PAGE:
District of Columbia Reporting Statute

This information was last updated by Horty, Springer & Mattern on May 12, 2021.

DISTRICT OF COLUMBIA

REPORTING REQUIREMENTS

D.C. Code Ann. §44-508 Reporting to licensing authority.

(a)(1) A health professional shall submit a report notifying the board, commission, or authority responsible for licensing, registering, or certifying the health professional within 10 business days after:
(A) The health professional obtains knowledge that a health care licensing authority of another state has taken disciplinary action against him or her; or
(B) The health professional:
(i) Has been named in a malpractice suit and received notice of a judgment against him or her in that suit;
(ii) Has been convicted of a crime; or
(iii)(I) Is party to a confidential settlement stemming from a malpractice claim to be paid by the health professional, an insurer, or other entity on behalf of the health professional.
(II) For a report arising from a confidential settlement pursuant to sub-sub-subparagraph (I) of this sub-subparagraph, the health professional shall not include in a report any details required by the settlement to be kept confidential.
(2) Consistent with paragraph (1) of this subsection, nothing in a confidential settlement agreement between a health professional, the insurer of the health professional, or other entities acting on behalf of the health professional and another person shall operate to prevent the parties to that agreement from filing a complaint with the board, commission, or authority responsible for licensing, registering or certifying the health professional, or from testifying in any investigation conducted by the board, commission, or authority responsible for licensing, registering, or certifying the health professional.
(a-1) A health professional’s employer shall submit a report notifying the board, commission, or authority responsible for licensing, registering, or certifying a health professional within 10 business days after:
(1) The health professional’s employer has:
(A) Reduced, suspended, revoked, or not renewed the health professional’s clinical privileges;
(B) Involuntarily terminated or restricted the health professional’s employment or staff membership; or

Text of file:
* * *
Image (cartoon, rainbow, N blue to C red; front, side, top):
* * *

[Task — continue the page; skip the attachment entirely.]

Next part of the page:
(C) Asked the health professional to resign because the health professional’s conduct has been determined, pursuant to § 3-1205.14, to have committed a violation listed in § 3-1205.14; or
(2) The health professional has voluntarily resigned, or has been asked by the health professional employer to resign, while being investigated by the health professional employer for conduct in violation listed in § 3-1205.14.
(b) The reporting requirement in subsection (a-1) of this section shall not apply to a temporary suspension or relinquishment of privileges or responsibilities if a health professional enters and successfully completes a prescribed program of education or rehabilitation. As soon as there exists no reasonable expectation that he or she will enter and successfully complete such a prescribed program, the health professional’s employer shall submit a report forthwith pursuant to subsection (a-1) of this section.
(c) The reports required by subsections (a) and (a-1) of this section shall be sent by registered or certified mail, with return receipt requested, or sent by a courier service, commercial carrier, or personal service, or to a secure email address created by the Department.
(d) In computing the 10 business-day reporting period in subsections (a) and (a-1) of this section, the day of the action or event that gave rise to the requirement to send the report shall not be counted. The last day of the 10-day period shall be counted unless it is a Saturday, Sunday, legal holiday, or day on which the Department of Health is officially closed, in which event the 10-day period shall continue until the next day that is not a Saturday, Sunday, legal holiday, or day on which the Department of Health is officially closed.
(e) The reporting required by subsections (a) and (a-1) of this section shall not act as a waiver of confidentiality of medical records and committee reports. Records reported and obtained under this section shall remain confidential and shall not be disclosed, except as otherwise authorized or required by law. The records shall be used by the board, commission, or authority responsible for licensing, registering or certifying the health professional in the exercise of their functions and shall be made available to the public only as required by subchapter II of Chapter 5 of Title 2.
(f) Any health professional employer, or employee of such employer, participating in good faith in the making of a report pursuant to this act shall have immunity from liability, administrative, civil, and criminal, that might otherwise be incurred or imposed with respect to the making of the report. The same immunity shall extend to participation in any judicial proceeding involving the report. In all administrative, civil, or criminal proceedings concerning the employee resulting from the report, there shall be a rebuttable presumption that the maker of the report acted in good faith.